• It warned against granting early injunctions in prolonged trials, likening them to a ‘death sentence’ for the material to be published.


  • The Supreme Court’s order serves as a reminder of the fundamental principles of law, particularly regarding freedom of speech and journalistic expression.
  • It underscores the need for judicial officers to carefully consider the implications of pre-trial injunctions on public debate and the media’s role in society.
  • Additionally, the order highlights the dangers of SLAPP tactics and the importance of upholding constitutional mandates in defamation cases involving the media.
Issues with individuals obtaining pre-trial injunctions against media

What does it mean by pre-trial injunctions?

●  Pre-trial injunctions are court orders issued before a trial begins, typically restraining a party from taking certain actions.

●In the context of media defamation suits, they may prevent the publication or dissemination of allegedly defamatory content until the case is resolved in court.

Issues with Affluent Individuals Obtaining Pre-trial Injunctions Against Media:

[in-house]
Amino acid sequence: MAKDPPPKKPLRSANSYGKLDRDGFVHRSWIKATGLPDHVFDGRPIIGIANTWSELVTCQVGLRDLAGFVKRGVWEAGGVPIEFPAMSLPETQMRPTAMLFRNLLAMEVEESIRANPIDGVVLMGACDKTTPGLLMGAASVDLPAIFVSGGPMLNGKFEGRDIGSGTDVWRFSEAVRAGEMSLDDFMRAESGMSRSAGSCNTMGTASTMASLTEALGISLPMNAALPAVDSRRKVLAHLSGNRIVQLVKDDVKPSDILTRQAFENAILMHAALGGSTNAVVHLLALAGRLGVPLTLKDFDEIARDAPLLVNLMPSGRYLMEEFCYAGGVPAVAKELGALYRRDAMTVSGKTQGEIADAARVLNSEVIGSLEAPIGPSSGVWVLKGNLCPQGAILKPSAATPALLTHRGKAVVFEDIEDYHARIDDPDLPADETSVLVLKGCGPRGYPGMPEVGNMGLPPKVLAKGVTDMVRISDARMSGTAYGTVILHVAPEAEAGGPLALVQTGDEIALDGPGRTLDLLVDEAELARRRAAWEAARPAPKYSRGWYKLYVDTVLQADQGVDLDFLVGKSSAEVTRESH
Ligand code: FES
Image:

● Threat to Freedom of Press: Affluent individuals can abuse their financial power to suppress unfavourable media coverage, limiting the freedom of the press.

● Inequality in Access to Justice: Pre-trial injunctions favour the wealthy, creating a disparity in access to justice where affluent individuals can silence media outlets with legal threats.

Chilling Effect on Investigative Journalism: Fear of expensive legal battles and injunctions can deter journalists from pursuing investigative reporting on powerful figures, undermining the public’s right to information.

Undermining Public Interest: Pre-trial injunctions may prevent the exposure of wrongdoing or issues of public interest, shielding affluent individuals from accountability.

Way Forward:

● Legal Reforms: Implement regulations to prevent misuse of pre-trial injunctions, ensuring they are used judiciously and in the public interest.

●  Legal Aid: Provide support for media organisations facing legal challenges, ensuring they can defend themselves against injunctions.

●   Transparency: Require greater transparency in legal proceedings involving injunctions, allowing the public to scrutinise decisions and hold both the judiciary and wealthy individuals accountable.

●  Public Awareness: Educate the public about the importance of press freedom and the potential consequences of allowing affluent individuals to silence media outlets.

Practice Question:  Discuss the implications of pre-trial injunctions on media freedom and the public’s right to information, as highlighted by the Supreme Court. (150 Words /10 marks)